When attorney Grant Bursek left employment with Johnson Family Law, eighteen of the firm’s clients followed. The firm subsequently sought to enforce an agreement that required Bursek to pay an undifferentiated per-client fee for continued representation of these clients. Bursek now argues that this violates the Colorado Rules of Professional Conduct, which prohibit attorneys from making employment agreements that “restrict the right of a lawyer … to practice after termination of the relationship.”

The Colorado Supreme Court agreed: “There may be circumstances in which a firm can seek reimbursement of specific client costs when the client leaves a firm to follow a lawyer. But a firm may not require a departing attorney to pay an undifferentiated fee in order to continue representing clients who wish to maintain their relationship with that attorney. Such an agreement is an impermissible restriction on the attorney’s right to practice and on the clients’ right to counsel of their choice, both of which are important policy interests protected by Colorado Rule of Professional Conduct 5.6.”

Discussing further:

“The language of Rule 5.6(a) plainly forbids any agreement that would entirely prohibit a lawyer from practicing law after departure from a firm. But what about an agreement — like the one at issue here — that imposes a financial cost on a lawyer who leaves a firm and intends to continue a practice in competition with that firm? As to this type of agreement, courts are divided….

“The majority view holds that any contractually imposed financial burden on an attorney’s professional autonomy violates the rule….

“The minority view does not treat financial disincentives to departure and competition as per se violations of Rule 5.6(a). Instead, these cases evaluate agreements for whether they represent a reasonable balance between client choice and attorney autonomy on the one hand and a firm’s interest in financial and practice stability on the other….

“As a general matter, we agree that the reasonableness inquiry is an appropriate approach to assessing whether a particular financial disincentive imposed on a departing lawyer constitutes a restriction on the right to practice. As to the specific financial disincentive at issue here, however, we conclude that an undifferentiated fee assessed for each client who chooses to follow a departing lawyer violates Rule 5.6(a).  An agreement that requires a lawyer to pay a former firm such an undifferentiated fee is fundamentally at odds with the twin policy goals of Rule 5.6(a): to protect lawyers’ professional autonomy and to ensure that clients have the freedom to choose an attorney. As the Ethics Advisory Committee of the Arizona Supreme Court recognized when considering a similar agreement, it ‘acts as a substantial disincentive for the departing lawyer to agree to continue representing a client who wants to continue working with that lawyer.’ Of particular concern, such a fee forces attorneys to make individualized determinations of whether a client is ‘worth’ retaining and incentivizes them to retain clients in high-fee cases and to jettison clients with less lucrative claims. This direct intrusion on the attorney-client relationship is quite different from financial disincentives that might indirectly affect client choice by making it more costly for an attorney to leave a firm. No reasonableness analysis is needed to determine that per-client fees of the sort at issue here violate Rule 5.6(a).”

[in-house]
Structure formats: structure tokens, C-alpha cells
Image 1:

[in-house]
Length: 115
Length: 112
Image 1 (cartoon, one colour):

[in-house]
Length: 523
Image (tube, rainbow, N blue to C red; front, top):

Johnson Family Law v. Bursek, No.22-497, 2024 WL 159107 (Colo. Jan. 16, 2024).